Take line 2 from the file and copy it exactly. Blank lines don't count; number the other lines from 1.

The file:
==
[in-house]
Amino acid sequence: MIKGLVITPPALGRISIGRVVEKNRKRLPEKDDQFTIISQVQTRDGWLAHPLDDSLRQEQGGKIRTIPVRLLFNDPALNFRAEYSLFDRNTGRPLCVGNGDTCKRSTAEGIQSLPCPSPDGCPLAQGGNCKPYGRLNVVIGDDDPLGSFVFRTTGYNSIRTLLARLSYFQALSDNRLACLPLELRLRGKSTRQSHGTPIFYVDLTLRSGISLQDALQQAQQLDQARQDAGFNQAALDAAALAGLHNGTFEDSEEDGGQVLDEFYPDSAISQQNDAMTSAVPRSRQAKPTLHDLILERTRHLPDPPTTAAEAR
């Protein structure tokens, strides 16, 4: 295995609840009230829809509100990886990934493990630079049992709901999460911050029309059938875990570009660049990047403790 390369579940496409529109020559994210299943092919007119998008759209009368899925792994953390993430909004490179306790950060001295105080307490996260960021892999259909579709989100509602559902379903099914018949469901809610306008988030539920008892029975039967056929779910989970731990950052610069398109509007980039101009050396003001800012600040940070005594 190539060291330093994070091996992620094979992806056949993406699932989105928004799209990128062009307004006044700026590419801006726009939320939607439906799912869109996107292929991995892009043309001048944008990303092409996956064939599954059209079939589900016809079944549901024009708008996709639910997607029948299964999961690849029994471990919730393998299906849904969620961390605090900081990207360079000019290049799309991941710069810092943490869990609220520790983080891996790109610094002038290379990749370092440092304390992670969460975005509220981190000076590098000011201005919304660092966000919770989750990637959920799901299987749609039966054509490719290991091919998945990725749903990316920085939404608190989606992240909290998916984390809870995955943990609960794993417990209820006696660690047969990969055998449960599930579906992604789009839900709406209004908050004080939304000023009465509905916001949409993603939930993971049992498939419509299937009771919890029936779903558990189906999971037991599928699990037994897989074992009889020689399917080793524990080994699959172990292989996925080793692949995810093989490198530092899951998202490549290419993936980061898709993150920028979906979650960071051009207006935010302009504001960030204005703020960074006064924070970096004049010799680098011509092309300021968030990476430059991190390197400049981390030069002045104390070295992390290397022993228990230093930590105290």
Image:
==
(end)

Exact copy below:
Amino acid sequence: MIKGLVITPPALGRISIGRVVEKNRKRLPEKDDQFTIISQVQTRDGWLAHPLDDSLRQEQGGKIRTIPVRLLFNDPALNFRAEYSLFDRNTGRPLCVGNGDTCKRSTAEGIQSLPCPSPDGCPLAQGGNCKPYGRLNVVIGDDDPLGSFVFRTTGYNSIRTLLARLSYFQALSDNRLACLPLELRLRGKSTRQSHGTPIFYVDLTLRSGISLQDALQQAQQLDQARQDAGFNQAALDAAALAGLHNGTFEDSEEDGGQVLDEFYPDSAISQQNDAMTSAVPRSRQAKPTLHDLILERTRHLPDPPTTAAEAR